Wednesday, January 28, 2009

JUPITER--A Big Deal or Just Lots of Hot Air?

That's my idea of being clever. Perhaps we should just move on...

One thing you can't fault clinical researchers on is a tin ear. They've come up with some doozies for names of various clinical trials, having jiggered the acronyms just so: ACME (Angioplasty Compared to MEdicine), AVERT (Atorvastatin Versus Revascularization Treatment), COURAGE (Clinical Outcomes Utilizing Revascularization and Aggressive Drug Evaluation), and MAGIC (MAGnesium In Coronary Arteries) are but a few of the cleverly-named studies dotting the pages of medical journals. The latest big statin trial (the Covergirl of the November 20, 2008 New England Journal) places itself in this proud tradition, calling itself JUPITER (Justification for the Use of Statins in Primary Prevention: an Intervention Trial Evaluating Rosuvastatin). That rumbling you hear from Austria is nothing more than Mozart screaming from his grave, don't mind it at all.

Now, statins are very, very interesting drugs, among a small group that Doctor Rubin genuinely considers worthy of the title "wonder drug" (aside from aspirin--the ultimate wonder drug--he would include opiate narcotics, penicillins, antihistamines, and that's about it), and in this respect the JUPITER trial doesn't make any waves. For the non-specialists, statins are drugs that block one of the early steps of cholesterol production, and in trial after trial they have proven their worthiness in reducing the risk of dying from heart disease. They're not completely safe drugs, but they are mostly safe, so as long as you have an MD who's paying attention to your liver (for instance) they have a big impact on people who are at risk for serious cardiac problems.

Here's the thing: it's not fully clear why statins work. Oh, there's the cholesterol-lowering theory, which may well be right. But statins have other weird effects that don't appear to be directly related to what we know about cholesterol "pathways"; they seem to have anti-inflammatory effects and affect bone resorption. JUPITER's strategy, which seems to me to be fairly novel although I am not a specialist in this field, was to enroll people who had normal cholesterol levels but did have elevations in a chemical marker of inflammation called C-reactive protein, or just CRP. The trial, originally scheduled to last for 4 years, was stopped after about two because of the significant reductions in cardiovascular events (such as heart attacks). There is some dispute as to the magnitude of this benefit (as seen in an accompanying editorial here, see fourth paragraph about differences in relative vs. absolute risk), but it is hard not to find the data impressive.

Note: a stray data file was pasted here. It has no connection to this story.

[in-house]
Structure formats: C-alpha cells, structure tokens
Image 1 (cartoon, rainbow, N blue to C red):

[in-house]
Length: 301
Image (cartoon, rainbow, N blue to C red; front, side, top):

My question--and the question of this entry--is: regardless of the success of the JUPITER trial and whether or not it has identified other groups of people who may benefit from statins, has JUPITER also popped the bubble on the idea that cholesterol is the key metabolic player in the drama that causes the MI? Perhaps cholesterol is really a surrogate marker and has only been the center of our focus because it's one thing that we could, in fact, focus on? We will see if the basic physiology labs have any thoughts on whether or not we have been searching for our lost car keys under the lamp-post because that's where we had some light.

1 comment:

  1. Since my husband needed a by-pass at age 40 and never had high cholesterol, it sure would make sense to find other markers/risk factors. (Of course we know one can have clogged arteries without high cholesterol, but doctors may have been too slow to catch his early symptoms because his cholesterol was always ok.)